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Ricker, McMorris will lead Canadian snowboarders to Sochi

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The Canadian Press
1/3/2014 7:38:02 PM
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VANCOUVER -- Canada has set a goal of finishing first in the overall medal standings at the Sochi Winter Olympics.

Snowboarders will in all likelihood have to play a key role if there's any chance of meeting that lofty target.

The first five members of the Canadian contingent heading to Sochi next month were unveiled Friday, led by a three-time Olympian and an unlikely superstar from the Prairies.

"We definitely have an amazing group and an amazing team and to be a part of it is great," said Maelle Ricker, who won gold in snowboard cross at the 2010 Olympics. "We have strong athletes in all the disciplines and I'm very honoured and excited."

Sochi will be Ricker's third Games, but at age 35, the West Vancouver, B.C., native is still seen as a favourite in her event where competitors race down a course side-by-side.

"I would love to perform at my best (again)," she said after Friday's news conference. "Definitely every time I put my snowboard on that's what I'm aiming to do and hopefully we get some good results because of it."

Apart from Ricker, another Canadian expected to contend for a medal is Mark McMorris.

The 20-year-old from Regina is the two-time defending Winter X Games champion in slopestyle, an acrobatic snowboard discipline set to make its Olympic debut in Sochi.

"It feels amazing," McMorris said of being named to the Canadian team. "It's going to be a fun time. I've been preparing like a mad man and I think I'm ready."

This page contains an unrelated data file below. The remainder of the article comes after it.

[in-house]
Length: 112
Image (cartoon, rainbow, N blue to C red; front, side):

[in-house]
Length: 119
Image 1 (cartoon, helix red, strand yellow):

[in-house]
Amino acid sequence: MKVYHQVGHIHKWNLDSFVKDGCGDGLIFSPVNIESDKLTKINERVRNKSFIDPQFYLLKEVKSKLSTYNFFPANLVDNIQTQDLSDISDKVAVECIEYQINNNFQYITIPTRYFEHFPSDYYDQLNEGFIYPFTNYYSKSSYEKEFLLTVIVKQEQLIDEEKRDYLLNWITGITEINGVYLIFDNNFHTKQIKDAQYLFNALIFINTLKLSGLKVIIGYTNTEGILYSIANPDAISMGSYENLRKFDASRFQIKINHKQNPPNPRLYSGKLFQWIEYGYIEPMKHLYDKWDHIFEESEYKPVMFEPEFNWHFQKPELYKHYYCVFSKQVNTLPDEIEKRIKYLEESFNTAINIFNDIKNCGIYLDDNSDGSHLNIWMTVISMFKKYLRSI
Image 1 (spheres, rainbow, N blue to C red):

Other rookie Olympians named to Canada's squad were Sebastien Toutant of L'Assomption, Que., Spencer O'Brien of Courtenay, B.C., and Calgary's Chris Robanske.

Toutant and O'Brien will compete in slopestyle, while Robanske is entered in snowboard cross. The rest of the team will be named Jan. 21.

Canada won 26 medals -- including three in snowboard -- at the 2010 Olympics in Vancouver, good for third behind the United States (37) and Germany (30).

An even bigger performance will be required in Russia to accomplish the Canadian Olympic Committee's goal of finishing first.

"If we say we don't want to be No. 1, we're striving for mediocrity and we're not going to do that. We will strive to be the best," said Canadian chef de mission Steve Podborski, who won bronze in men's downhill skiing at the 1980 Olympics. "When we went into (the 2006 Games), we had no notion that we could strive to be No. 1 and now we are looking at that.

"So why not? It's going to be tough, maybe impossible, but you strive for impossible dreams."

The laid-back McMorris doesn't put any added emphasis on his own performance when overall team goals are mentioned.

"Whenever anybody looks at you to win there's pressure," he said. "I've been able to have a lot of success over the last three years and consistently podium or win events.

"I'm in one event and my goal is to win a gold medal and if I do so, that will be a big help."

With the Olympics set to begin Feb. 7, O'Brien said she's looking forward to being part of a team after competing for years as an individual.

"There's definitely a lot of expectations, especially on me, Mark, Seb, Maelle, everyone that's been performing so well these last of couple years," said the 25-year-old. "I think it's really special. It's a unique experience to have your country behind you."

O'Brien won gold in women's slopestyle at last year's world championship, but added the Games are on another level.

"An Olympic medal, you're winning it for your country, you're not just winning it for yourself," she said. "It's such a special opportunity and I'd like nothing more than to bring one back to Canada."

The Olympics weren't even on the 21-year-old Toutant's radar until it was announced that slopestyle would be included at Sochi.

"We're used to competing in front of a lot of people and a lot of cameras, but we compete for sponsors and we compete for ourselves," he said. "To be able to compete for your country is huge.

"The world is going to be watching."

Podborski said there will be "enormous challenges" facing athletes in Sochi, but stressed the level of Canadian sport has come a long way since he competed more than three decades ago.

"These athletes are the finest our country can produce," he said. "These are sophisticated, world-class athletes and I expect them to do very, very well."

Mark McMorris (Photo: Doug Pensinger/Getty Images)

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(Photo: Doug Pensinger/Getty Images)
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